The paintings of Ghent-based artist Adelheid de Witte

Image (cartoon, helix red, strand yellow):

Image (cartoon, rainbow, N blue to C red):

“The main tendencies in my paintings are landscape, architecture and linear abstractions. The areas are organized as an entrance, a room or a hall with walls displaying mountains or tropical scenery. All of the scenes possess some exoticness in contrast to asceticism, playing extremes against one another. On the one hand are the deserts and mountaintops that are devoid of life. On the other are the forests and jungles that are full of life. As such, I am not preoccupied with reproducing landscapes per se. My preference rather inclines towards the ambiguous relationship we have towards nature: production and reproduction, authenticity and fakeness. I paint these landscapes in a rather rough, almost abstract way, as soft and distorted environments. The interiors come across as nostalgic due to the use of colours and tend to express a sense of exposed desolation. By adding a variety of items to these compositions, I like to add a sense of playfulness and absurdity. I feel no limitations in terms of choosing a subject matter. Nonetheless several elements are recurring: chairs, sun loungers, planes, recreational equipment and – recently – poles. To me, these objects push the boundaries of fantasy and reality. Pole climbing schools for example do exist. But the poles in paintings such as ‘What to expect from pole climbing school’, ‘Pole Climbing: level I’ and ‘Keep Fit on Tamborine Mountain’ are depicted in a way that enhances the sense of estrangement. The alienation is further intensified by the titles of the works that are descriptions mentioned in hotel leaflets, guest reviews, souvenir shops and fitness centers. The final images create a space for the mind and the viewer is invited to move into these confusing zones.”